• A blood test. A blood test can measure your immune system’s response to particular foods by measuring the allergy-related antibody known as immunoglobulin E (IgE).

    For this test, a blood sample taken in your doctor’s office is sent to a medical laboratory, where different foods can be tested.

  • Elimination diet.You may be asked to eliminate suspect foods for a week or two and then add the food items back into your diet one at a time. This process can help link symptoms to specific foods. However, elimination diets aren’t foolproof.

    An elimination diet can’t tell you whether your reaction to a food is a true allergy instead of a food sensitivity. Also, if you’ve had a severe reaction to a food in the past, an elimination diet may not be safe.

  • Oral food challenge. During this test, done in the doctor’s office, you’ll be given small but increasing amounts of the food suspected of causing your symptoms. If you don’t have a reaction during this test, you may be able to include this food in your diet again.


The only way to avoid an allergic reaction is to avoid the foods that cause signs and symptoms. However, despite your best efforts, you may come into contact with a food that causes a reaction.

For a minor allergic reaction, over-the-counter or prescribed antihistamines may help reduce symptoms. These drugs can be taken after exposure to an allergy-causing food to help relieve itching or hives. However, antihistamines can’t treat a severe allergic reaction.

For a severe allergic reaction, you may need an emergency injection of epinephrine and a trip to the emergency room. Many people with allergies carry an epinephrine autoinjector (Adrenaclick, EpiPen). This device is a combined syringe and concealed needle that injects a single dose of medication when pressed against your thigh.

If your doctor has prescribed an epinephrine autoinjector:

  • Be sure you know how to use the autoinjector. Also, make sure the people closest to you know how to administer the drug — if they’re with you in an anaphylactic emergency, they could save your life.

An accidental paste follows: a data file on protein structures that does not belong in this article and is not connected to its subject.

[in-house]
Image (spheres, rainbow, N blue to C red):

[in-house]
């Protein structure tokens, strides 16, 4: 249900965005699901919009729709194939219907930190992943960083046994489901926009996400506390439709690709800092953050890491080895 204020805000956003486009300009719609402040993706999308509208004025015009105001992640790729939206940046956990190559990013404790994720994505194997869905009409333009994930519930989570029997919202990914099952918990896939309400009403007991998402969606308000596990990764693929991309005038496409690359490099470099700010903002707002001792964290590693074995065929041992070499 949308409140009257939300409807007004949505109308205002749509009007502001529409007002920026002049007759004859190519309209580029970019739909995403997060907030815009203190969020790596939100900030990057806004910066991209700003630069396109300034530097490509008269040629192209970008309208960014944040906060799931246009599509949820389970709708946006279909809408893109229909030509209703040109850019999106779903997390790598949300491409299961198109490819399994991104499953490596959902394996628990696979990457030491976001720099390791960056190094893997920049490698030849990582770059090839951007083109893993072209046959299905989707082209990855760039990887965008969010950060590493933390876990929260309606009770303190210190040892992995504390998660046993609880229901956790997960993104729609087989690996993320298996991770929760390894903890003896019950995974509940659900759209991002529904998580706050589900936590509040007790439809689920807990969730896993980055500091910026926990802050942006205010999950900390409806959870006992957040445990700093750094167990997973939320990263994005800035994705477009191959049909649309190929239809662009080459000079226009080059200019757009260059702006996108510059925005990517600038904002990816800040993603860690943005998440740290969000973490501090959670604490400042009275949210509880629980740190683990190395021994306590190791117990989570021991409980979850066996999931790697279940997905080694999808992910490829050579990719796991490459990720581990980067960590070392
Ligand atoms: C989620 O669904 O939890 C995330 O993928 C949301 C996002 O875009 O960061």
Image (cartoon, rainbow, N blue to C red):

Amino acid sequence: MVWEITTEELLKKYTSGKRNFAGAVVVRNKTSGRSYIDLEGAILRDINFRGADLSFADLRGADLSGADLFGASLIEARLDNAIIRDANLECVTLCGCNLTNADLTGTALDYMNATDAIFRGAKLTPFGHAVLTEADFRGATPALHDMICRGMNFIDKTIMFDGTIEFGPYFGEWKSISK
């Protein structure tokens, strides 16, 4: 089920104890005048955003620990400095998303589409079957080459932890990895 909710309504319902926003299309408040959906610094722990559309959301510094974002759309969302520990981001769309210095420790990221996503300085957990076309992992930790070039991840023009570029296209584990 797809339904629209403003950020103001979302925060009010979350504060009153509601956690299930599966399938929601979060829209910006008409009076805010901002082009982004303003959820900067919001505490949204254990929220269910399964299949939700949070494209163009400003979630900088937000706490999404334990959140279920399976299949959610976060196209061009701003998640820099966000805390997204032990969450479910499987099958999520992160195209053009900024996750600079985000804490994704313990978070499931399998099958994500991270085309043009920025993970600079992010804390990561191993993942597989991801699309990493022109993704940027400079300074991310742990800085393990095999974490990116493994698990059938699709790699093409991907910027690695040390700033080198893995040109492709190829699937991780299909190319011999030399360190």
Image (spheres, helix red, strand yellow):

• Carry it with you at all times. It may be a good idea to keep an extra autoinjector in your car or in your desk at work.
  • Always be sure to replace epinephrine before its expiration date or it may not work properly.

Experimental treatments

While there’s ongoing research to find better treatments to reduce food allergy symptoms and prevent allergy attacks, there isn’t any proven treatment that can prevent or completely relieve symptoms.

Treatments being studied are:

  • Oral immunotherapy. Researchers have been studying the use of oral immunotherapy as a treatment for food allergy. Small doses of the food you’re allergic to are swallowed or placed under your tongue (sublingual). The dose of the allergy-provoking food is gradually increased.

    Results look promising, even in people with peanut, egg and milk allergies.

  • Early exposure. In the past, it’s been generally recommended that children avoid allergenic foods to reduce the likelihood of developing allergies. But in a recent study, high-risk infants — such as those with atopic dermatitis or egg allergy or both — were selected to either ingest or avoid peanut products from 4 to 11 months of age until 5 years of age.

    Researchers found that high-risk children who regularly consumed peanut protein, such as peanut butter or peanut-flavored snacks, were 70% to 86% less likely to develop a peanut allergy.

Clinical trials

Explore Mayo Clinic studies testing new treatments, interventions and tests as a means to prevent, detect, treat or manage this condition.

Lifestyle and home remedies

One of the keys to preventing an allergic reaction is to completely avoid the food that causes your symptoms.

  • Don’t assume. Always read food labels to make sure they don’t contain an ingredient you’re allergic to. Even if you think you know what’s in a food, check the label. Ingredients sometimes change.

    Food labels are required to clearly list whether they contain any common food allergens. Read food labels carefully to avoid the most common sources of food allergens: milk, eggs, peanuts, tree nuts, fish, shellfish, soy and wheat.